Divide dormant hostas into more plants, or purchase established plants in nursery containers. To plant, remove the hosta plant from its container and release any tangled roots. Place the plant in the hole so that the soil covers the roots at the same level as they were in the nursery container. Remember that the soil settles when you water it. If you are planting dormant sections, soak the roots in water for about 30 minutes before planting. Always water well after planting.

Gardening experts disagree about the need to fertilize hostas. Some insist that most garden soils contain enough nutrients, making additional fertilizers unnecessary. Others assert that hostas need more fertilizer. This kit calls for applying a complete granular fertilizer such as 12-12-12 or 5-10-5 early in the spring, followed by two additional applications about six weeks apart. Apply according to label directions and consider the stature and strength of the variety. Do not fertilize hostas after mid-July. This can stimulate late-season growth and prevent the plant from hardening off in the winter, Trinklein said.

Hostas need about an inch and a half of water per week during the summer. Burnt leaf tips and drooping leaves are a clear sign of lack of water. If additional watering is needed, water early in the morning to allow the leaves to dry quickly.

Increase hosta numbers by dividing the clump early in the spring when shoots begin to emerge from the soil. Most varieties need about five years of undisturbed growth to establish mass.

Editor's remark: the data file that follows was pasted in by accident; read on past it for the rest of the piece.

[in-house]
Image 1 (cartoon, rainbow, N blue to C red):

Slugs and snails usually chew small, round holes to feed on plant leaves. They leave a dried trail of mud as they move from one place to another. Control slugs and snails using poison baits containing myorol, metaldehyde or iron phosphate. Place pots filled with beer in the garden. The pests will crawl into the pan and drown. Deer also love hostas. Repellents, electric fences, guard dogs and motion detectors control deer more or less effectively.

Unlike foliar nematodes, hostas are relatively disease-free. Hosta X (HVX) is a relatively new virus that has gotten a lot of publicity recently, Trinklein said. Varieties with light-colored leaves may develop blue or green markings that usually follow the vein of the leaf into the surrounding tissue. This results in a mottled appearance. The leaves may also appear clumped or wrinkled.

Symptoms are difficult to detect on varieties with dark-colored leaves and may appear as light-colored spots rather than colored stripes. HVX spreads by mechanical transmission from an infected plant to a healthy plant, especially during reproduction. There is no cure, and gardeners should get rid of infected plants, Trinklein said.

It’s difficult to choose which of the 4,000 hosta varieties to grow. Look for a variety that won an award from the American Hosta Association or a Hosta of the Year award from American Hosta Growers, Trinklein said. “Hostas were once considered green fillers for shady areas, but they are now the stars of shady landscapes,” he said.

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Learn more about hostas on the American Hosta Society website at

Cover photo: Hostas, the stars of the shady landscape, have been approved by the National Parks Bureau as Perennial of the Year for 2024. Photo by David Trinklein.